NISHKA: He's a microbiologist, which means he studies tiny microscopic organisms like parasites. And he's also a supertaster.
MYSTERIOUS VOICE: Supertaster!
MOLLY BLOOM: Not too long ago, Bill got really curious about some foods that he just couldn't learn to like.
NISHKA: This was way more intense than having a strong dislike of something.
MOLLY BLOOM: Yeah, there were a bunch of vegetables that always taste really, really bad to him, even though he's tried them lots of times.
BILL SULLIVAN: Broccoli is one of the major offenders that I just could not stand. I couldn't even be in the room when it was being cooked because the odor would just upset my stomach. It was just awful to me. Similar things with cauliflower and Brussels sprouts. But spinach, asparagus, snap peas, no problem. So it wasn't everything green.
MOLLY BLOOM: He thought he was the only one like this until he was an adult and he saw an episode of a TV show called Seinfeld.
BILL SULLIVAN: There's a very famous episode that kids' parents probably remember very well where one of the characters was challenged to eat a piece of broccoli. And he just reacted the same way I would have, like, get that vegetable away from me. I'm not going to put that vile weed into my mouth.
NEWMAN: Vile weed!
MOLLY BLOOM: Knowing there were other people like him out there made him very curious. And since he's a researcher, he started investigating what was going on with science.
BILL SULLIVAN: I found research by some scientists that characterized people like me who can't stand broccoli as a supertaster. And I know a supertaster, it kind of sounds like a superpower, right? When you taste things really, really well. But it's not really a superpower because it alters the menu. And for about 25% of the population, that's how many supertasters there are.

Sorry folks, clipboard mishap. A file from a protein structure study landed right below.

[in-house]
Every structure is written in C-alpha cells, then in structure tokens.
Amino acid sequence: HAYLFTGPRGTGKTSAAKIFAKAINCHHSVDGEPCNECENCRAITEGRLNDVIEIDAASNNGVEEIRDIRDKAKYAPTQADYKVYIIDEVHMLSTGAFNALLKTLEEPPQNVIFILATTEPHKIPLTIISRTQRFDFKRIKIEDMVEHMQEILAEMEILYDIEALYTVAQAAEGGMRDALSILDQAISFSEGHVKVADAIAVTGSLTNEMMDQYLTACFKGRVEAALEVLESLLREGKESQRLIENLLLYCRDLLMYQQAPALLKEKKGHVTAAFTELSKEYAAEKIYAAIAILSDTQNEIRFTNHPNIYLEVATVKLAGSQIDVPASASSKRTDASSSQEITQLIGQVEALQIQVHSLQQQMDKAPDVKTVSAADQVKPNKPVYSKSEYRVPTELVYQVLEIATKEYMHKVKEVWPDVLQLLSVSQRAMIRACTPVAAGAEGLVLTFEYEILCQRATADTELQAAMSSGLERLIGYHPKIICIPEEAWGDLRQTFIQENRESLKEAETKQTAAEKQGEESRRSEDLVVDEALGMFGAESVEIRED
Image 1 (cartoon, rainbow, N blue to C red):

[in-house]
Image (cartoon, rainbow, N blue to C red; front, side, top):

NISHKA: That means if you grabbed four random people off the street, there's a good chance one of them is a supertaster.
MYSTERIOUS VOICE: Supertaster!
MOLLY BLOOM: It turns out they taste things differently because of a change in their genes.
NISHKA: Genes are the instructions in our cells that tell our bodies how to work.
MOLLY BLOOM: And supertasters--
MYSTERIOUS VOICE: Supertaster
MOLLY BLOOM: --have a gene that gives them more taste buds.
NISHKA: Taste buds are tiny, little bumps on your tongue that help you taste different flavors like salty, sweet, and sour.
MOLLY BLOOM: But bill says it's not just that they have more taste buds. It's also that they have more of a certain kind of flavor receptor cell in their taste buds.
BILL SULLIVAN: But this one in particular that supertasters suffer from coats the tongue with an extra amount of taste buds that can recognize bitter chemicals.
NISHKA: These bitter chemicals are in lots of foods like grapefruit, dark chocolate, and cabbage.
MOLLY BLOOM: Bill got a genetic test and found out he had the supertaster gene.
MYSTERIOUS VOICE: Supertaster!
MOLLY BLOOM: But there's another test you can do at home.
NISHKA: All you need is some blue food coloring and a piece of paper that has a hole punch in it, like you would need for a three-ring binder.
BILL SULLIVAN: With the help of your parents, use a little blue food coloring and paint your tongue a slightly blue color. It counter stains your taste buds. Your taste buds will remain pink. They won't stain with this blue dye. And basically, you can put that little hole punch over top a small portion of your tongue, and with a magnifying glass, have someone count the number of taste buds in that ring. And if you count more than 30 in that circle, you're a supertaster.
MOLLY BLOOM: Scientists are still learning about the instructions carried in our genes. And Bill thinks there will be a lot of new information in the coming years about why certain people may like or dislike certain foods based on their genes.